3 years ago

A small-molecule inhibitor of SMAD3 attenuates resistance to anti-HER2 drugs in HER2-positive breast cancer cells

Masafumi Shimoda, Ako Ohara, Atsushi Shimomura, Naofumi Kagara, Yoko Chihara, Kenzo Shimazu, Yasuto Naoi, Jun-ichiro Ikeda, Seung Jin Kim, Tomonori Tanei, Ami Hori, Shinzaburo Noguchi



Resistance against anti-HER2 drugs in HER2-positive breast cancer is a major obstacle to the improving prognosis. Transforming growth factor β (TGFβ) is a cytokine involved in the acquisition of more malignant phenotypes through epithelial-mesenchymal transition (EMT) and cancer stem cell (CSC) properties. The aim of this study was to investigate the effects of TGFβ and its downstream SMAD pathway on resistance to anti-HER2 drugs.


HER2-positive breast cancer cell lines were stimulated with TGFβ for 14 days. Then, the sensitivity to trastuzumab and lapatinib and the expression levels of various EMT and CSC markers were examined. The correlation of nuclear SMAD3 expression in untreated breast tumor tissues with trastuzumab efficacy in neoadjuvant settings was examined. The effect of a small-molecule inhibitor of SMAD3 (SIS3) on resistance to anti-HER2 drugs was explored.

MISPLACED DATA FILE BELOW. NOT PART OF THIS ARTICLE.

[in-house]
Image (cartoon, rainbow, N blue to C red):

We found that continuous activation of the TGFβ-SMAD3 pathway induced resistance to anti-HER2 drugs and CSC traits in HER2-positive breast cancer cells. The induction of drug resistance by TGFβ required strong activation of SMAD3. In fact, activated SMAD3 regulated multiple genes that harbor SMAD-binding elements and are involved in trastuzumab resistance. Nuclear SMAD3 expression in tumor tissue was inversely correlated with sensitivity to neoadjuvant treatment with trastuzumab. SIS3 not only prevented the acquisition of resistance to anti-HER2 drugs but also restored trastuzumab sensitivity in trastuzumab-resistant cells.


This study indicates that the TGFβ-SMAD3 pathway plays an important role in the induction and maintenance of resistance to anti-HER2 drugs. Thus, SMAD3 is a potential therapeutic target that can inhibit resistance and restore sensitivity to anti-HER2 drugs.

Publisher URL: https://link.springer.com/article/10.1007/s10549-017-4382-6

DOI: 10.1007/s10549-017-4382-6

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